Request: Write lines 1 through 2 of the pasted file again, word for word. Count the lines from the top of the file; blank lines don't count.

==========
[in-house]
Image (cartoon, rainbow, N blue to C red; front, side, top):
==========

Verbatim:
[in-house]
Image (cartoon, rainbow, N blue to C red; front, side, top):